• It's like drinking club soda that has been watered down and mixed with flat light beer.
  • And watering down the whiskey isn't the best way to keep your customers loyal.
dilute, thin (out), weaken;
adulterate, doctor, mix
informal cut
3.1 (water something down) Make a statement or proposal less forceful or controversial by changing or leaving out certain details: the army’s report of its investigation was considerably watered down
More example sentences
  • The man who led the investigation believes the proposals have been watered down so that the staining will not affect the appearance of dog and cat food.
  • Such has been the opposition to Clarke's proposals that he has watered them down somewhat.
  • Similarly, on the proposed adoption of the services directive to create a single and free market for services within the union, the proposals were watered down to the point where the liberalisation is meaningless in all but name.
moderate, temper, mitigate, tone down, soften, tame;
understate, play down, soft-pedal



by water

Using a ship or boat for travel or transport: at the end of the lake was a small gazebo, accessible only by water
More example sentences
  • Just after the attacks, the debris was brought by road; now, to cope with the volume, it is shipped by water.
  • The crews travelled down to Gravesend by water on the Saturday in order to take part.
  • Until very recently, travel by water was the most efficient way to move around.

cast one's bread upon the waters

see bread.

like water

In great quantities: George was spending money like water
More example sentences
  • However, many people, especially the wealthy classes, spend money like water.
  • Still, it seeps in like water and before you know it you are drowning.
  • The real show takes place in the Festhallen, wherein the beer runs like water and tastes like the nectar of the gods.

make water

Example sentences
  • A woman enters the bathroom with the desire/need to make water or to poop.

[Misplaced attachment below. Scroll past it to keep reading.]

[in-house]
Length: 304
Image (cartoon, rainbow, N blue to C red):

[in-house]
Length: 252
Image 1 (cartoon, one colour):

• With all of his patrons' content, Barridan tromped his way toward the door, thinking now would be a good time to make water before the crowd managed to gulp down their refreshed mugs of ale.
2(Of a ship or boat) take in water through a leak.

of the first water

(Of a diamond or pearl) of the greatest brilliance and transparency.
5.1(Typically of someone or something perceived as undesirable or annoying) extreme or unsurpassed of their kind: she was a bore of the first water
More example sentences
  • According to her description the losing candidate was a ‘lush,’ a falling down soaking drunk of the first water.
  • I will just say, however, that anyone who gets a tattoo from another culture with that much resonance in that culture without every having met someone from that culture is a schmuck of the first water.
  • This is a magickal artifact of the first water, so well known that it was credited as the device through which Dee divined the Gunpowder Plot of 1605.

under water

Submerged; flooded.
Example sentences
  • The lounge bar is under water and so are the two ground floor bedrooms.
  • He said the flood plain encroached on to the land, which was near Selby Dam, and was currently under water.
  • He still has 60 acres of winter corn under water, a lot of which will drown out and have to be re-sown.

the water of life

Example sentences
  • Or is this a clumsy attempt at a makeover for the water of life, something based on the London vodka restaurants that once revolutionised the perception of Russia's finest?
  • And if you stand at the pier at Lagavulin, you will overlook the bay from which a thousand Islay men embarked to help Robert the Bruce give the English a good gubbing at Bannockburn - and who were no doubt well fortified with the water of life.
  • ‘I have drunk of the water of life since my youth,’ the barbarian muttered, then drank of the cup.

water off a duck's back

see duck1.

water on the brain

informal Hydrocephalus.
Example sentences
  • Their conditions ranged from IQ's as low as 55, to water on the brain at birth, brain damage, and lobotomy.
  • He had been born with water on the brain and suffered other brain damage from a severe fall when he was young.
  • Suffering from prostate cancer, Parkinson's and water on the brain, the preacher will speak from an ingenious pulpit designed to allow him to evangelise in a sitting position.

water under the bridge (or water over the dam)